In our latest Writer's Room blog - articles created by Andela Community members - Michael Mekuleyi shares his thoughts in "a short article with a couple of puns about containers and why you should use them!"
Every time I see a picture of Spongebob, I always remember containers!
I'm sure you have heard of containers one way or the other, either when you were listening to the devops guys talk about shipping software, or maybe you even wrote the container file yourself. Or, maybe, you're just involved in shipping goods via the sea.
A container is a piece of software that lets you package code and its dependencies, so your application runs smoothly and quickly across different environments.
Google has been using container technology since 2004, and engineers at Google confirm that Google starts an approximate 3000 containers per second (2 billion per week) to run its many services. Containers are deployed in containers that are run by other containers to ensure your software works and is properly deployed. Let's take a dive!
Containers Run the World
Every piece of software you deploy is either run in Virtual Machines or in Containers. Containers are the backbone of a lot of software deployed in production, and in day-to-day use. Whether you are running a fully managed service or you are handling auto-healing and scaling by yourself, containers are always involved in the build because if you are not deploying with a container, then your build process most likely involves a container.
Containers allow you to package your software and all its dependencies in one ready-to-go deploy file. They make for a great way to ensure that what works on your laptop, works on the laptop of your Technical Product Manager or on a remote server. What containers actually do is set up a stationary build of your software and deploy that software as it is with a managed package.
Before containers, if you wanted to share a stationary build of software with your Engineering manager, or a technical product manager, you would have to set up a virtual machine, port your code to that virtual machine, build software on that virtual machine, and then spread the static image across to anyone would need that build. The obvious problem with this was version control, the stress of maintaining builds, and then God help you, there was an error in the codebase you shared earlier.
Containers nowadays make it easy for you to ship software (without handing out many images that you cannot track), update software remotely and iterate quickly. Containers built with the docker run time can support versioning with DockerHub, this meaning that you can easily share, update and delete containers with humans or an engineering resource e.g a remote server.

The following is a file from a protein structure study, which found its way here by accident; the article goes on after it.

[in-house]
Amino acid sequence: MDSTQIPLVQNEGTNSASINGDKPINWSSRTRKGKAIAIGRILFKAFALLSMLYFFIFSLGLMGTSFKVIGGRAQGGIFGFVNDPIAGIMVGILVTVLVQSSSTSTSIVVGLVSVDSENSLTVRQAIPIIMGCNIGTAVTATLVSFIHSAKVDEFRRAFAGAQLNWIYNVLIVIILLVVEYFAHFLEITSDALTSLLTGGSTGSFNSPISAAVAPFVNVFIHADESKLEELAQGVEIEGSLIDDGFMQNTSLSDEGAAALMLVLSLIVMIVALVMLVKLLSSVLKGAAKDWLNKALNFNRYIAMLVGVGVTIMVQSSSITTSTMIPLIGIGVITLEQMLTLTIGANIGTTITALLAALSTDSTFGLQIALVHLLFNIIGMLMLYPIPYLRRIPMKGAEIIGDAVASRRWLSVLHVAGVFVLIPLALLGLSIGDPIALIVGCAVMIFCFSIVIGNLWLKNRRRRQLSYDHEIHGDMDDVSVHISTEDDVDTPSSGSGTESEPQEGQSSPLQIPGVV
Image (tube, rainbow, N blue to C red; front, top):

As with code and infrastructure, the security of your containers is your responsibility. Anyone that gets access to your containers, gets access to the code available on those containers and subsequently secrets used in building that container. So it is best practice to keep your containers private and restrict access.
Containers are Heavy
Containers are generally known to be heavy and a little compute-intensive, but to understand why containers are compute-intensive, you must understand what runs underneath the hood. The core reason containers are heavy is the size of their base images. When a container runs, it mimics the features of that operating system and tries to build its dependencies, this means that it is computing actual OS code and wrapping it in a binder before going ahead to build your software.
The container runtime is downloading OS code, computing the build, running it, then computing your software. This takes time and a reasonable amount of computing resources, however with the growth of computing hardware and the increased speed of internet access building containers have become easier and easier. Trust me this uses fewer computing resources than building a virtual machine.
You can also use multi-stage builds to drastically decrease the size of your containers and the amount of time your containers take to run.
There are many types of container runtimes, below are the ones I advise you use
How to use containers
Containers not only run web applications, but they can also be used to serve databases, batch one-time operations, or streaming operations. I even used docker to build a machine-learning application last year!
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